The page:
Greenwich Mean Time (GMT) is so named, because the longitudinal line after which it is named passes through Greenwich, London. Although GMT and Coordinated Universal Time (UTC) share the same time there is a fundamental difference between them. GMT is a time zone. It is used by some African and European countries. UTC on the other hand is a time standard. It serves as the foundation for time zones worldwide. Hence no country officially uses UTC as its local time. They both remain constant and are not affected by daylight saving time (DST) although some countries observing GMT use DST in the summer.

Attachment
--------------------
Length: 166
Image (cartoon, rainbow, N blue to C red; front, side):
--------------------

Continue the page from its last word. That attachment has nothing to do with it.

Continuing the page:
UTC serves as the basis for civil time. This standard is maintained using extremely precise atomic clocks along with calculations of the Earth’s rotation. This standard is maintained, synchronized and coordinated worldwide. UTC is determined by International Atomic Time (TAI) and Universal Time. TAI is a combination of the output of 400 extremely precise atomic clocks that provides the precise calculation of the speed at which our clocks should tick. Universal Time is the time it takes the Earth to complete a turn on its axis and is used to validate TAI against an actual Earth day.